Maintaining economic vitality amid an aging and shrinking population is also a critical issue. From a macroeconomic perspective, labor participation and labor productivity need to be increased. Labor participation of the elderly and women has risen significantly in Japan over the past several years, helping to support economic growth. Japanese society has come to accept a greater diversity of work styles, better suited to individual circumstances, particularly for families with small children. Faced with serious labor shortages, firms have been making labor-saving investments, using information and communication technologies and artificial intelligence to offset the shortfall in labor. In terms of industrial structure, the aging of society can induce the growth of new industries, creating jobs and spurring innovation. Medical, health, and nursing care are prime examples. As aging is a global trend, industries providing elderly care services and support have a good opportunity for rapid growth. Policy makers also have an important role to play in facilitating adaptation to the changing business environment.
Lastly, I would like to emphasize that the aging of the population itself is by no means a negative thing. The proportion of the elderly to the total population is around 30 percent in Japan at present.9 With improvements in living conditions and the progress of medical technology, the number of healthy and active elderly has been steadily increasing. Let me give you an example of an elderly person who made a significant contribution to the world. The Italian Renaissance sculptor, Michelangelo, worked as chief architect in the refurbishment of Saint Peter's Basilica when he was 74 years old, coincidentally, the same age as I am at present. Aging can enrich our lives, and social systems should be designed so that the richness of aging can be enjoyed to its fullest.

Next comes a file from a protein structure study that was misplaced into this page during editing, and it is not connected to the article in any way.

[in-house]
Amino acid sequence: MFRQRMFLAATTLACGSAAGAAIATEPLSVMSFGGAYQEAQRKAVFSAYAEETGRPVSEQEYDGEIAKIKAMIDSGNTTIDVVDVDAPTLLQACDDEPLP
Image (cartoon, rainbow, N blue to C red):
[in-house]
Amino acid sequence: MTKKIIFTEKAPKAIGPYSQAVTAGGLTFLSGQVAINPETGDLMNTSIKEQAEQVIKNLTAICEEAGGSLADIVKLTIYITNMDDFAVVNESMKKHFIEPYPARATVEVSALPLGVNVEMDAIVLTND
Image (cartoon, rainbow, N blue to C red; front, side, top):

I have talked today about the issues to be addressed for sustainable growth in emerging economies. As the issues are wide-ranging, it is no easy task to deal appropriately with all of them. However, emerging countries do have a so-called latecomers' advantage in being able to benefit from the leapfrogging I mentioned earlier. By making use of advanced digital technologies, emerging countries can skip investment in the infrastructures that have already become obsolete in advanced economies. And when it comes to population aging, they can learn from the experience and mistakes of advanced economies. I believe that emerging economies will make steady progress in overcoming difficulties and will be able to achieve sustainable and balanced development.
Thank you for your kind attention.